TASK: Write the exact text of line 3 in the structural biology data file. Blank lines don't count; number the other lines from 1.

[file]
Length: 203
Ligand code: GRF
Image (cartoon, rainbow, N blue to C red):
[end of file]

Image (cartoon, rainbow, N blue to C red):